January 20, 1961, I sat in my seventh grade homeroom class while the teacher rolled in a big, black & white television and announced that we would all be watching history today.
What I was unprepared for was how quiet and engaged everyone in class would be in watching John Fitzgerald Kennedy take the oath of office as the 35th President of the United States; then listen as he stood and delivered one of the most memorable inaugural speeches in American history.
Times were perilous. President Eisenhower severed relations with Communist Cuba, and everything was shrouded in a Cold War between the United States and Russia.
Nevertheless, on that cold, clear Friday in '61, everything stopped for a singular moment.
People paid attention. They were excited, and unified behind the words of young president who offered "a peaceful revolution of hope... to convert our good words into good deeds..." And reminded us to "Let both sides explore what problems unite us instead of belaboring those problems which divide us."
Times are still perilous. Not from a Cold War between two countries, but a cold war of our own political making. Kennedy's words may be fifty years old, but they remain just as urgent to all of us today as they were then.
In a clarity and inspiration that still seems unmatched, Kennedy spoke of collaboration.
"United there is little we cannot do in a host of cooperative ventures. Divided there is little we can do -- for we dare not meet a powerful challenge at odds and split asunder."
He reminded us of individual responsibility...
"In your hands, my fellow citizens, more than mine, will rest the final success or failure of our course."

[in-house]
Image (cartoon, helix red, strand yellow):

... and a call to service...
"Since this country was founded, each generation of Americans has been summoned to give testimony to its national loyalty."
... a call to a higher standard...
"...whether you are citizens of America or citizens of the world, ask of us here the same high standards of strength and sacrifice which we ask of you."
Five decades later, his words speak to a current Congress...
"So let us begin anew -- remembering on both sides that civility is not a sign of weakness, and sincerity is always subject to proof."
...and the real job before them.
"...if a beachhead of cooperation may push back the jungle of suspicion, let both sides join in creating a new endeavor... Let both sides explore what problems unite us instead of belaboring those problems which divide us."
He speaks to us.
"...ask not what your country can do for you -- ask what you can do for your country."
He speaks to the world.
"...ask not what America will do for you, but what together we can do for the freedom of man.
Listening to Kennedy's words in that classroom from the past was the first time I ever heard an inaugural speech. It was the first time I ever heard any speech, and although I never realized it at the time, what I came to understand -- perhaps for the first time in my life -- was a sense of something greater than myself; a sense that we're all in this together and that it is only when we let go of the political badges, stop the incivility, unite and work for each other can we realize the best that Kennedy called us to be.
As we strive to live up to Kennedy's sense of character, we not only become better citizens, but a more moral and more purposeful country -- an example to the world.
I invite you to watch and become inspired again. We need that inspiration, now more than ever.
Jim Lichtman writes and speaks on ethics. His commentaries can be found at www.ethicsstupid.com.